Elizabeth is an actor, playwright, musician, and a graduate of De Paul University. She studied theatre and improvisation at the Second City Training Center, the Actors’ Center, and at the Royal National Theatre Studio in London. Elizabeth has performed with the Chicago Symphony Orchestra, Tympanic Theatre, Congo Square Theatre, Second City's Children's Theatre, Stage Left Theatre, Bailiwick Arts Center, and London's Canal Cafe Theatre. Six of her plays have been chosen as part of the Abbie Hoffman and the Around the Coyote festivals.
Pictured: The Cast of VICTIMS OF DUTY. Photo by fadeout foto.
By Elizabeth Ellis
“When Rhinoceros was produced in Germany, it had fifty curtain calls. The next day the papers wrote, ‘Ionesco shows us how we became Nazis.’ But in Moscow, they wanted me to rewrite it and make sure that it dealt with Nazism and not with their kind of totalitarianism.” ~ Eugène Ionesco
French-Romanian absurdist playwright Eugene Ionesco wrote VICTIMS OF DUTY less than 10 years after the end of World War II. The shadows of authoritarian regimes in Europe still fell long over Europe, and Ionesco himself carried fear and trauma, and probably PTSD. Writing the semi-autobiographical VICTIMS OF DUTY was an exercise in catharsis for him, and subsequently, the play is one of his most personally relatable, as well as one of his favorites. A RED ORCHID first mounted this play 23 years ago, with actors Guy Van Swearingen and Michael Shannon and director Shira Piven returning to this production. As Piven observes in the program notes, “When we did it then, its meanings were deep for us, very personal and somewhat abstract. Now there is also a social/political resonance that we can’t escape, as much as might want to.” She is absolutely right: this VICTIMS OF DUTY speaks to the casually fascist attitudes emerging all over our country, and this affecting and oddly touching production, with outstanding performances all around, acts as both a reminder of the past and a warning of what could so easily happen again.
A couple, Choubert (the fabulous and multi-layered Guy Van Swearingen) and Madeleine (the seamlessly flexible Karen Aldridge, who moves from sexy to earnest to snarky) live in a simple bourgeois life. While sitting around their bathtub, he reads his newspaper, pasted together from different sources, and she knits. They discuss mundane topics such as philosophy, dog poop on the sidewalk, and government notifications to cultivate detachment. The Detective (the outstanding Michael Shannon, who glides so easily between timid and terrifying and everywhere in between) arrives at their door, looking for a bad guy named Mallot. Since the Detective is at first so charming and mild-mannered, Choubert and Madeleine gladly offer to help him locate Mallot. What follows is a frightening path of quizzes and mental gymnastics, as Choubert delves deep into his memory, trying fruitlessly to remember his relationship with Mallot. Eventually, the Detective manages to convince Choubert that Choubert is Mallot’s ally. Once Choubert comes back to the present, the Detective produces a stale baguette and forces Choubert to eat it, to “plug the holes in his memory.” Two more characters emerge: Mademoiselle (the nearly mute but intense Mierka Gierten) and poet Nicholas d’Eu (the strange and wonderful Rich Cotovsky). d’Eu brings a moment of Ionesco’s very funny and very French self-reference: “Everyone ought to write,” Nicholas declares to the Detective. He replies “No point. We’ve got Ionesco and Ionesco, that’s enough!” A confrontation between d’Eu and the Detective becomes violent, and d’Eu, Choubert and Madeleine end up together, forcing each other to eat the bread.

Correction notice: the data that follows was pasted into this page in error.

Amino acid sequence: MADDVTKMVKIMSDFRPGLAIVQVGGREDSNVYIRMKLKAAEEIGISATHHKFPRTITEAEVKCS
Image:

Piven generously allows her actors to revel in the text and the absurd circumstances without playing them too forcefully, which makes the play far more relatable for the audience. She emphasizes the theme of bread and water, possibly signifying what we can expect in a prison, as the play progresses. When first entering the A Red Orchid space, you hear the slow drip-drip-drip of water, which hopefully prepares you for the significance of water in the entire production. Water, water, is everywhere: in the center stage bathtub, in a separate pool, and the actors immerse themselves and each other repeatedly. Danila Korogodsky’s and Samantha Rausch’s spare yet beautiful black, red, and white set fits the less-than-100-seat venue well. On the back wall is Zwei Köpfe (“Two Heads”) a painting done by Ionesco himself. A series of projections occur during the performance, from a peaceful demonstration of chi gung to a disturbing scene of gallivanting Hitler youth to a photo of Josef Stalin in Russia.
The 1995 VICTIMS OF DUTY occurred during a happier time in the US, but this superb production is a cautionary tale perfectly timed for the current political climate. As much as we want to think “oh, that could never happen again and never happen HERE,” Ionesco reminds us that, yes, it can. Like the water that cascades throughout the performance, human nature can ebb and flow and take the shape of its container, no matter how monstrous and traitorous that container may be.
VICTIMS OF DUTY runs through August 5th. For more information visit aredorchidtheatre.org.